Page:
The new 4,000-bed NHS Nightingale Hospital in east London has begun treating its first coronavirus patients.
The individuals were admitted on Tuesday evening to the facility in Newham, which members of the Armed Forces helped build in just 9 days to help cope with the outbreak.
A spokeswoman declined to say how many people were being treated at the custom-built field hospital at the ExCeL Centre in the capital’s Docklands.
Opened by Prince Charles on Friday, the hospital requires up to 16,000 members of staff to keep it running.
Around 200 personnel, including infantry from the 1st Battalion, The Royal Anglian Regiment, assisted contractors and healthcare staff with its construction, often working 15-hour days.
With more than 80 wards containing 42 beds each, the facility will be used to treat COVID-19 patients who have been transferred from other intensive care units across London.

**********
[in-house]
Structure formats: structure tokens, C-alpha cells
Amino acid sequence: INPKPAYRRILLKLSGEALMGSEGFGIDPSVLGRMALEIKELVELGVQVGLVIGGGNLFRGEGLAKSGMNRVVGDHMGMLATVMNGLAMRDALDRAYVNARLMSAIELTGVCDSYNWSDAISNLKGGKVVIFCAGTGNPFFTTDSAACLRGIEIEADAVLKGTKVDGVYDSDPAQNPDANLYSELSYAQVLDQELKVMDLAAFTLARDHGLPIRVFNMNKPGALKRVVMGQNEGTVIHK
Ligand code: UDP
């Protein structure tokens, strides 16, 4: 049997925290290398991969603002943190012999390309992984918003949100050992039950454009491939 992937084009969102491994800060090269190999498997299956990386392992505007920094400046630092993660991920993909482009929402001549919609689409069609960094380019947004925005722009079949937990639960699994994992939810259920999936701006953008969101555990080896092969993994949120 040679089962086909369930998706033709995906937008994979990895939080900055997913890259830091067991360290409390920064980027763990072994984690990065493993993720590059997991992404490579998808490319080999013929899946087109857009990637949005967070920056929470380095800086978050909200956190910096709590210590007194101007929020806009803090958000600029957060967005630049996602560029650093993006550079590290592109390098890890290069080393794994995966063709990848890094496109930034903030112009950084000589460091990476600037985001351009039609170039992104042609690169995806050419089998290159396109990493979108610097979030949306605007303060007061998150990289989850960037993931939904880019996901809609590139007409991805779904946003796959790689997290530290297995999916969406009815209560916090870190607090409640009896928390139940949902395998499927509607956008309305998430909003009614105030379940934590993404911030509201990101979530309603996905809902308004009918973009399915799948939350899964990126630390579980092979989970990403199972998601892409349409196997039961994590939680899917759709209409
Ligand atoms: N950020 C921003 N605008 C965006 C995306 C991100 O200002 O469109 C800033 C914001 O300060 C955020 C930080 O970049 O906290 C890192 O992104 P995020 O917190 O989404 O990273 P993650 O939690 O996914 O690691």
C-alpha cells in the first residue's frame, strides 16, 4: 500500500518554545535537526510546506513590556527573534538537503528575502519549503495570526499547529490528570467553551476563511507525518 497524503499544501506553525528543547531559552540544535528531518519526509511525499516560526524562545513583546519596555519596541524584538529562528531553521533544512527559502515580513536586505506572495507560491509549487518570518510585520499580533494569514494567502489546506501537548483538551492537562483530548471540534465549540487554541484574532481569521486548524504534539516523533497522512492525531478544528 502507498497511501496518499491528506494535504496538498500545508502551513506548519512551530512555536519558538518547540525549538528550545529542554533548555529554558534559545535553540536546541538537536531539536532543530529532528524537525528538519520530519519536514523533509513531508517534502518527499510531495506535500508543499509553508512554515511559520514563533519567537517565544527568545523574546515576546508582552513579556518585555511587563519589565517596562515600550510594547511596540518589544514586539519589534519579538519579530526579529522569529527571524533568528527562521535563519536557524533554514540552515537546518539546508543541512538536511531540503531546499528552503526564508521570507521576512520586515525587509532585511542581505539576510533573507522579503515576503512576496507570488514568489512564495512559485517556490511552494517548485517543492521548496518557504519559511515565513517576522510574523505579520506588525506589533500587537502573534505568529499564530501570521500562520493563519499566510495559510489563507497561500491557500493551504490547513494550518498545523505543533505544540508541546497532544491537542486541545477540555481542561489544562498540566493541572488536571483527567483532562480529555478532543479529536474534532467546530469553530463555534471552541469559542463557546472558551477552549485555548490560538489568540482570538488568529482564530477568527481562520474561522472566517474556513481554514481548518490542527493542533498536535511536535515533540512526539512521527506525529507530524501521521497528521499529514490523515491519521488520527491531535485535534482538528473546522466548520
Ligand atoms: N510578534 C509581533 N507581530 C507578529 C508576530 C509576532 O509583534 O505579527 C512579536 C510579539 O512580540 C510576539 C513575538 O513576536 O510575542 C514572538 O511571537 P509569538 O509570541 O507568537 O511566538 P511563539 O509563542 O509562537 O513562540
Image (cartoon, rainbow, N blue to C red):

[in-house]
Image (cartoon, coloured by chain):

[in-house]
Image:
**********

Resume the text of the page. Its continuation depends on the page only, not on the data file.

Those who are admitted to the hospital will already be on a ventilator and will remain at the Nightingale until their course of ventilation is finished, the hospital’s chief medical director has said.
NHS Chief Executive Sir Simon Stevens said the construction of the hospital in London was "nothing short of extraordinary".
He added the UK is "gearing up to repeat that feat" at Nightingale project sites in Birmingham, Harrogate, Bristol and Manchester.
Major Matthew James Fry, the Military Assessment Team Commander for the Manchester hospital, told Forces News: "We will do delivery of infrastructure anywhere in the world on behalf of the MOD, in rapid and austere conditions, so we're well-placed to support the NHS in the delivery of a project such as this."
Once up and running, the hospital will be able to treat up to 750 patients in the north west of the country.
There are currently 2,689 military personnel deployed in response to the pandemic, under the recently formed COVID Support Force.
Cover image: An ambulance arrives at the NHS Nightingale Hospital in east London.